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Inspired: How To Create Products Customers Love Hardcover – June 18, 2008
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"At eBay, of all of the leaders in the past decade, Marty had the most significant and lasting impact on how we create products."
- Frerk-Malte Feller, Managing Director, eBay Germany
"When it comes to creating inspiring products, Marty Cagan knows his stuff."
- Pete Deemer, Former Chief Product Officer, Yahoo! and CEO of GoodAgile
"Marty balances key product management principles, great new techniques, and examples that bring them all home."
- Jim Denney, VP Product Management, TiVo
"Marty is not only a seasoned expert on all aspects of the often ambiguous discipline of product management, his book also provides inspiration, tools and techniques, and really practical help."
- Judy Gibbons, Accel Partners
"This is a must read if you have any hope of building a company based on great products."
- Chuck Geiger, Former CTO, PayPal, Travelocity and Ask.com
"It doesn't matter how good your engineering team is if they aren t building the right products, and no one is better than Marty at helping teams discover the right products."
- Marty Abbott, Former CTO, eBay and Partner, AKF Consulting
About the Author
Marty Cagan is founding partner of the Silicon Valley Product Group, where he helps companies create winning product strategies and develop the skills of their product organization as well as the techniques they use to create successful products.
During the past 20 years, Marty has served as an executive responsible for defining and building products for some of the most successful companies in the world. He was most recently senior vice-president of product management and design for eBay, where he was responsible for defining products and services for the company's global e-commerce trading site. Prior to that, Marty was vice-president of product at AOL and Netscape Communications, and a software engineer at HP Labs.
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The entire focus is on prototyping, which is true for any product manager. At 220 pages it is like a nice crash course on product management.
If you are looking for something in detail on a specific product management topic, this book isn't one.
At times author repeats himself as a filler and sometimes even beats around the bushes thus impacting the pace of reading. Overall a Good book for beginners in the field of Product Management! Not saying that experienced cant benefit from it.
On the down side, it could be more updated in places, and occasionally reads like a collection of blog posts, but that's 50% of tech / business books these days. Also, I didn't like having to go to their site to find examples of the different documents and deliverables mentioned. They claimed this was done so they could continuously add more content, but that doesn't seem to have happened. Mostly there are just one or two examples of each thing.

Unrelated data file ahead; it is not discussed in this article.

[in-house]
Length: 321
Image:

Even though the author claims that this book is written for the software industry, I can vouch being a Poduct Manager in an industrial mechanical product firm that most of the principles of this book can be applied to this field also.
The best part about this book is the distinction that the author gives between the job of a product manager and many other jobs like product marketing and product design.
As a product manager, I would really recommend this book to anyone who wants to understand the power of producr management.
Further, it provides insight into the processes, evaluation tools, market research, and methodologies a product manager should enact to evaluate, build, and launch successful releases of new products. Sprinkled in each chapter are Cagan's tips that don't quite fall into any bucket, but are especially valuable bits of knowledge - such as how to discover product management talent within your organization.
This is one of those books wherein I was inspired to annotate in a sketchbook rather than a notebook, and draw out my take-a-ways.
The primary down-side is this book is quite basic. A lot of things covered are all common-sense and rudimentary by today's standard (if a reader doesn't even understand iterative development, product management should be the least of his worries). Then the book doesn't really go in-depth on any single point it presents.
Overall, it's a solid management survey, great introductory text.
Marty keeps hitting the target page after page.
There are companies that do Product Management very well. Apple is one of them. Google has a lot of people in this function, but search is still their main revenue earner and they have failed to have a new product in their stable which accounts for double digits in their revenue stream. Most companies have talented people but do not really encourage innovation.
"Great Product Managers can be picked from engineering, IT, marketing, and a lot of times no prior experience is required except the passion to create great products."
Agreed. People with passion and ownership are responsible for great products.
Here's how the book assesses product opportunities:
1. What's the problem you're trying to solve?
2. For whom?
3. Size of the opportunity/market
4. What's the measure of success? (Revenue/Metrics)
5. Competitive landscape
6. Product Differentiators
7. Why now? Window of opportunity?
8. Go to market strategy
9. Factors critical to success
10. Based on the above -Go or No Go
If you've been in the business, you will notice that every page resonates. This book is a must buy/must read for all product managers.